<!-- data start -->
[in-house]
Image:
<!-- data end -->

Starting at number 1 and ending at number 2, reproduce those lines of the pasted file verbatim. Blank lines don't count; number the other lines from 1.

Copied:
[in-house]
Image: